Sudden deterioration in air quality is due to fall in wind speed and rise in moisture content, which is making the pollutants build up fast
Experts caution that city needs to be more vigilant on pollution sources. Credit: jepoirrier / Flickr
Delhi’s sky has remained highly smoky since yesterday, and the crisis is very much evident in data. The air quality index (469) recorded “severe” level, which means the air quality affects even healthy people and seriously impacts those with existing diseases. Delhi-NCR’s entire landscape reminds again that more needs to be done to keep the pollution low.
The sudden deterioration, according to scientists, is due to fall in wind speed and rise in moisture content, which is making the pollutants build up fast. While wind speed, which was 20-25 km / hr during the last few weekends, has reduced to 7-8 km/ hr, in some locations it has dropped to as low as 1 km/ hr. Moreover, the humidity level is rising. The atmospheric mixing height (where the lower atmosphere meets upper atmosphere, allowing dispersion) is gradually falling and the temperature is dropping, which is coalescing with low wind speed to worsen air pollution, according to scientists.
Calm atmospheric conditions are trapping the pollutants and building up the concentration. The running average level of PM2.5 on 21/12/2017 at 17:00 hours reached to 318.6 microgram per cubic metre (µg/m3) in Delhi, which is “severe +” category, the highest alert level. If this persists for another 48 hours, several stringent actions such as shutdown of schools, imposition of odd-even scheme on private vehicles, restriction on construction and entry of trucks may be imposed.
The air quality forecasting agency SAFAR predicts that air quality index for the city will remain severe till tomorrow. After three days, the air quality is expected to fall to very poor category.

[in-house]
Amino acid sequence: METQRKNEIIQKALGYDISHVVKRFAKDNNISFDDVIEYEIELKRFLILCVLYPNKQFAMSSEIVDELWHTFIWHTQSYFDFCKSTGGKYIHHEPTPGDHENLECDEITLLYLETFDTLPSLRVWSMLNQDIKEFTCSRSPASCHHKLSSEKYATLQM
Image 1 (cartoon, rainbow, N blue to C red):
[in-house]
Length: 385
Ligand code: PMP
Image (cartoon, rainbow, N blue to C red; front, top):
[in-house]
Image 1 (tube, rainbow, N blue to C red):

What is making the air pollution worse?
It is known that air quality gets affected by local as well as trans-boundary pollution movement. So, with falling wind speed more emissions from local sources will add up to already densely polluted air. So experts caution that city needs to be more vigilant on pollution sources (polluting vehicles, industries, waste burning) because crop residue burning, which had a major contribution earlier in November, is no longer a major contributor. Relative contribution of pollution sources in Delhi-NCR towards deteriorating air quality is expected to be high.
But one thing is sure, that India, as a whole, now needs serious policy interventions because while Delhi gets the limelight being the capital, there are many other cities which are equally bad in terms of air pollution. For example, today, air quality in Kanpur, Lucknow, Noida, Ghaziabad and Agra is at “Severe” level, while in Ludhiana, Mandi Gobindgarh, Muzaffarpur, Patna, Rohtak, Singrauli, Bhiwadi, Faridabad and Gurgaon it is “very poor”. Several city and state governments need to act fast, but will they?
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